Today is the twentieth anniversary of the passing of dear Brother Anthony Opisso, who for decades stayed alongside the monastery in different hermitages, without being part of the community. Only a few days ago I met someone new, who at the mention of the monastery, spoke of Anthony, and their lifelong bond with him. Along with his other accomplishments, he was a medical doctor, and at one time practiced medicine on our behalf. 

Wednesday 16th. A long truck arrived this morning, with a crane, to pick up some scrap metal we are selling. The operator was a bit surprised to see kittens jump out of the scrap pile.

Thursday 17th. New Brunswick took steps this week to relax health restrictions slightly. It is another new moment, which seem to say  different things to people’s hearts, many months into the global crisis.  

Friday 18th. The power went off briefly this afternoon, and the  generator started up nice and smoothly. The farmers using our fields cut hay equally smoothly, swathe after swathe.


Saturday 19th. Dom Innocent got a lot of lawn mowing in, before the afternoon rain. It poured briefly, and under thin clouds, the mown fields looked white.

Sunday 20th. At 94 and counting, Brother Leo continues to rise for Vigils followed by a kingly breakfast, and private prayer of the Stations of the Cross.

Monday 21st. Someone whom we’ve known for quite a while was by for a retreat, one of the few whose retreats here stretch back over five decades. It is interesting to hear her perceptions of us, things we ourselves might not notice.    

Tuesday 22nd. After Lauds we left Chapel in procession as usual Tuesdays, for chapter, through the scriptorium. The nine-foot high windows there face north, and this time of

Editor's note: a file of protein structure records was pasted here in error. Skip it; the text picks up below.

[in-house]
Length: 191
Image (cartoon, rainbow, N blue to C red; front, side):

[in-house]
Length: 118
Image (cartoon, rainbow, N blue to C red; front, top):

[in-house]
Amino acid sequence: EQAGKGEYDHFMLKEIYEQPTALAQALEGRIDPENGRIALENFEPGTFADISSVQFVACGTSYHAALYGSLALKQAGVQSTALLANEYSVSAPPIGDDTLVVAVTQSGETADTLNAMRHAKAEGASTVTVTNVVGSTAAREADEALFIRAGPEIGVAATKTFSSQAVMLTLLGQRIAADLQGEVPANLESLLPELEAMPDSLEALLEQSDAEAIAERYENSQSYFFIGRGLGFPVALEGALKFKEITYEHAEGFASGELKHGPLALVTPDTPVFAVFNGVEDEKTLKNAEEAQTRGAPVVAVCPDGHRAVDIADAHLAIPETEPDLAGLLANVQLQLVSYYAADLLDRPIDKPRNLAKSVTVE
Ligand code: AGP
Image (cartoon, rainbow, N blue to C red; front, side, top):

year they give sunstantial light. In chapter, Dom Innocent reviewed recent changes to Canon Law, pursuant to last week’s presentation. It was a chance to think about, and catch up on different questions facing the world today. Next, the subject of leaving our cowls aside for summer arose. The 24th will be the last day we wear them for Lauds and Vespers, for now.


Wednesday 23rd. A Trappist Preserve flavor which does not cause much of a stir, Quince Jelly, found a purchaser at our store this week: someone with their own quince tree at home.   

Thursday 24th. On a trip into town for his second Covid-19 vaccination, Brother Leo r

emarked on the loveliness of dandelions, and the fine look of today’s trucks. People gathered for the same reason revealed a different face of Rogersville, or rather, faces new to us  and kind.

Friday 25th. This morning Brother Stephan topped up one of our bird feeders, near the Pieta. Dom Innocent was working in the greenhouse, then watering plants which grow right along the greenhouse’s exterior.

Saturday 26th. The Chapel got some more of the updated lighting, brighter, but also pleasing to the eye.

Sunday 27th. High school proms have become a very big phenomena, and yesterday was a prom photo blitz out front, with young couples, and their spectacular vehicles.

Monday 28th. Chicks arrived today, for the fourth poultry cycle of the year. At lunch, we ate some arugula grown here, strong and tasty. We are being spared the heat wave afflicting friends near the country’s other coast.

Tuesday 29th. In a small window on the second floor facing west,  a light in the chicken barn was visible last night. Today a young racoon climbed up to a bird feeder smaller than him and gave it a try, but discouraged with the meagre food he found, he climbed back down.

Wednesday 30th. Rainier and colder out, our lawn chairs have been tossed by the wind.